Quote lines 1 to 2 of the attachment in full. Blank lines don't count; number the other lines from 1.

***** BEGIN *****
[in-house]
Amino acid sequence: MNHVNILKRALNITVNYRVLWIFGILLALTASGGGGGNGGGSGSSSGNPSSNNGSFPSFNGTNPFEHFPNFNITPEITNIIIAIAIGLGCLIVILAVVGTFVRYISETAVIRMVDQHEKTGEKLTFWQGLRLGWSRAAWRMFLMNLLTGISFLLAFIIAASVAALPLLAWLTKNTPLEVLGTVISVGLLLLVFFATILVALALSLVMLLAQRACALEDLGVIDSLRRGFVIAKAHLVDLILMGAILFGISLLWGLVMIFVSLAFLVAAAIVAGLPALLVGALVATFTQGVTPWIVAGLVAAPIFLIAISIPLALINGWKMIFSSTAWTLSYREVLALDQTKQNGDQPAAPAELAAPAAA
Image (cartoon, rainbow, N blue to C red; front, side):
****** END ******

[in-house]
Amino acid sequence: MNHVNILKRALNITVNYRVLWIFGILLALTASGGGGGNGGGSGSSSGNPSSNNGSFPSFNGTNPFEHFPNFNITPEITNIIIAIAIGLGCLIVILAVVGTFVRYISETAVIRMVDQHEKTGEKLTFWQGLRLGWSRAAWRMFLMNLLTGISFLLAFIIAASVAALPLLAWLTKNTPLEVLGTVISVGLLLLVFFATILVALALSLVMLLAQRACALEDLGVIDSLRRGFVIAKAHLVDLILMGAILFGISLLWGLVMIFVSLAFLVAAAIVAGLPALLVGALVATFTQGVTPWIVAGLVAAPIFLIAISIPLALINGWKMIFSSTAWTLSYREVLALDQTKQNGDQPAAPAELAAPAAA